To train the machine, I created a variety of signal types, including WGN, sine waves, BPSK, QPSK, 2FSK, 4FSK, DSSS BPSK, and OFDM. There are 400 instances of each of those types for a total data set size of 3600 waveforms. Each waveform has 8192 complex-valued samples and each corresponding PSD estimate has 128 real-valued samples (the TSM block size is 128.). The inputs are reformed from complex-valued vectors having 8192 samples into real-valued vectors having 16384 samples by concatenating the real and imaginary parts.

The message sequences of the communication signals are statistically independent from waveform to waveform, as is added white Gaussian noise. The relative amount of noise and signal is varied to achieve a variety of SNRs.

The input waveforms and output PSD estimates can be downloaded from the CSP Blog here.

To fix the ideas, let’s plot some of the inputs and the corresponding outputs.


The Training Code

The basic MATLAB function I used to do the trial-and-error hyperparameter selection can be found here.

Some Training Results

Full Data Set

I’ve not had the patience to redo for the long-duration inputs what I did for the shorter ones (see above). Here are some results:


Noise-Only Data Set

The next experiment again uses long inputs, but restricts their content to white Gaussian noise. So all the signals that we use to train the machine are WGN, and therefore the theoretical PSDs are simply constant functions of frequency. The TSM estimates in the training and testing data sets are not perfectly constant, however, but are quite flat (see above). Here the machine has an easier task (OSIT) since the height of the correct PSD output is simply the variance of the input. It is nearly the simplest nonlinear transformation of the input that is possible (Can a Machine Learn the Square of an Input would consider the simplest nonlinear transformation, I suppose).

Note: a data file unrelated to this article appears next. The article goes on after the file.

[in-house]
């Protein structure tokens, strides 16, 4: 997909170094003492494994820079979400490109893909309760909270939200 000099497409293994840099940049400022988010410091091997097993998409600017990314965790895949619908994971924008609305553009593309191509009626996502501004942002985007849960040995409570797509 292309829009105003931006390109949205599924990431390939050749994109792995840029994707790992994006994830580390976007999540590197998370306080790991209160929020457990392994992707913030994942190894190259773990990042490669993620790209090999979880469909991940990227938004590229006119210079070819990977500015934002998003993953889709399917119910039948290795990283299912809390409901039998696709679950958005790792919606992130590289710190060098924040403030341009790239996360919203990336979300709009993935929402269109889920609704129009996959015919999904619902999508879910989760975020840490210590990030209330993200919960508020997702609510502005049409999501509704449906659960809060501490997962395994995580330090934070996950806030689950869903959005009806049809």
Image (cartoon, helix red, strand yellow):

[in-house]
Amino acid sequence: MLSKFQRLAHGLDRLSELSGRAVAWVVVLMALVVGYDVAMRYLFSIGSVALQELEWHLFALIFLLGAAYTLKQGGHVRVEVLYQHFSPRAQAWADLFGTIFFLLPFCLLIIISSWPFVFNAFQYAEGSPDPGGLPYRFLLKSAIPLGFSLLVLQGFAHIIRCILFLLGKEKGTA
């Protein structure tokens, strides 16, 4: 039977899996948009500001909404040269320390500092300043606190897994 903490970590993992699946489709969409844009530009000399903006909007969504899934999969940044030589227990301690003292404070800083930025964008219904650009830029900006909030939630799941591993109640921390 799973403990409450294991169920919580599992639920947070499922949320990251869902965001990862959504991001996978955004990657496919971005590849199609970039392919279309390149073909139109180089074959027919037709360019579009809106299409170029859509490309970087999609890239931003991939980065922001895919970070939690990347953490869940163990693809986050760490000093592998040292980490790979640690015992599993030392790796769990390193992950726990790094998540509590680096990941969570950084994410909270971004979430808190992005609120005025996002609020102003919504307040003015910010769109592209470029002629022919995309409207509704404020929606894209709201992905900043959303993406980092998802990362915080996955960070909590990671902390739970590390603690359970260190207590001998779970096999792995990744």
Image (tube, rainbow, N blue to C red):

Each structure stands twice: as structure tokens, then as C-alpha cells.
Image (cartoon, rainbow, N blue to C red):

Here is the performance curve for the case of a training function of SCG, a transfer function of logsig, and the MSE performance criterion:


In this instance, the training stopped after the maximum number of iterations were reached, but the performance on the testing data set is nowhere near that for the training set (MATLAB itself divides the provided data set into training and testing subsets by default).

I also attempted training with both the noise-only and the full data set for a performance criterion that I believe is normalized MSE, rather than MSE, to avoid having the machine minimize the error by attempting to match the most powerful inputs and just living with the resulting errors for the low-power inputs. These were not successful either. The modified training code for NMSE can be downloaded here.


My first conclusion is that I’ve reaffirmed I don’t know what I’m doing in Machine Learning. That is probably not a surprise to regular readers. The second is that even with a lot of trial-and-error I cannot get good results for training a machine to produce a PSD estimate, even when the universe of inputs is constrained to white Gaussian noise so that the PSD is always a constant function.

Does anyone have any suggestions for adjusting the hyperparameters to allow the machine to learn how to estimate a PSD?

Author: Chad Spooner

I'm a signal processing researcher specializing in cyclostationary signal processing (CSP) for communication signals. I hope to use this blog to help others with their cyclo-projects and to learn more about how CSP is being used and extended worldwide.

4 thoughts on “Can a Machine Learn a Power Spectrum Estimator?”

  1. Hi!
    As far as i understand you are using ‘logsig’ activation that returns [0, 1] as an output layer. Also `mapminmax` modifies it to [-1, 1] range. But PSD plots show values ~10 and more. If you do regression with `mse` as a loss function – that could be a problem. I think it worths to try `mapminmax` for input only and use unconstrained activation (e.g. ReLu).
    Also, it feels like this task is better suited for 1D convolutional networks (because translating an input doesn’t change PSD, isn’t it?).

    Best Regards,
    P.S. Thank you for your blog!

    1. Thanks very much for reading the blog and offering your ML insights Ilya!

      You are correct that the PSD of a signal does not change with time translation.

      The results I showed for the longer-input case do correspond only to the logsig activation function. I ran out of patience unfortunately. Also in that longer-input case, I did some logsig runs with the mapminmax and some without.

      But in the long table in the post, for the shorter-input case using the FSM, I used a variety of different activation functions. None were successful. Do you have any comment on that result?

  2. Hey this is great. I’m going to do something related for a school project at UVA! Super excited will check back in! good work!

    1. Christopher:

      Thanks for stopping by the CSP Blog. I’m hoping you can eventually set me straight on my attempt to use ML to create a PSD estimator. Looking forward to hearing from you.